High-frequency oscillatory ventilation - A clinical approach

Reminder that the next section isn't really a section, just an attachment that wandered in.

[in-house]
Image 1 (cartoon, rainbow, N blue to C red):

Since its inception over a decade ago, HFOV has become an increasingly utilised and effective strategy for the treatment of acute lung injury and acute respiratory distress syndrome. During HFOV, the lungs are recruited and stabilised to avoid the cyclic stretch and shear exerted on the alveoli which occur during conventional ventilation by repeated alveolar collapse and re-expansion. Patients with deteriorating gas exchange despite increasing ventilatory settings can be successfully managed with HFOV as it provides significant lung protection. However, as with any mode of ventilation, management strategies must be designed to minimise (or eliminate) ventilator-induced lung injury based on a patient's pathophysiology.